Over the weekend, Malaysians expressed their discontent with the most recent dress code policy for Universiti Kebangsaan Malaysia’s 50th convocation event on social media.
This began when a poster with the university’s logo indicating appropriate and inappropriate clothes for graduates and guests attending the convocation event went viral on Twitter, and the issue has been making headlines ever since.
Along with a short-sleeved blouse and knee-length pencil skirt ensemble, the saree and cheongsam, which are traditional attire for ethnic Chinese and Indian women, were included in the list of clothing that was prohibited.
Subsequently, Siti Kasim, a local lawyer and activist, criticised the university over the dress code rule. In a video she shared on her Facebook page, Siti stated that the institution was literally telling the graduates’ and their parents how to dress for the graduation ceremony.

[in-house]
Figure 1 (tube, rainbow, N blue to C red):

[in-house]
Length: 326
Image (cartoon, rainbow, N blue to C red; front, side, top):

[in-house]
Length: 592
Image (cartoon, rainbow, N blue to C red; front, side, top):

“UKM’s act of dictating the attire that graduates and their parents can utilise wear for their convocation ceremony was just noticed. No saree or cheongsam, they say. What makes them believe they can tell us what clothing we can wear, especially when it comes to our traditional clothing? This offends me so much.
“Politicians, please speak up about this. This is excessive. I’m so enraged by the infiltration, surveillance, and control by these individuals. Rise up, folks. We must refuse this type of tyranny in our lives,” Siti stated, as reported by NST.
Male graduates are only permitted to dress in a lounge suit, a full baju melayu, or a long sleeve shirt with a tie and dark slacks, according to the flier. The only difference in the dress code for male visitors is that they are also permitted to wear a batik shirt.
Women graduates or visitors, on the other hand, may dress in a baju kurung, a loose kebaya, or a long-sleeved shirt or top with a dark-hued long skirt or gown. Shorts, jeans and short skirts are a few other examples of clothing that is prohibited.
Following the backlash, UKM has reportedly removed the flier from the site.